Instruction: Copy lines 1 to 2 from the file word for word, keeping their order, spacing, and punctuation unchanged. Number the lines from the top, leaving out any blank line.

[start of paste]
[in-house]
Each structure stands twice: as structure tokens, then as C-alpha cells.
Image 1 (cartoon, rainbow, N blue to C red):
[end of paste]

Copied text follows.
[in-house]
Each structure stands twice: as structure tokens, then as C-alpha cells.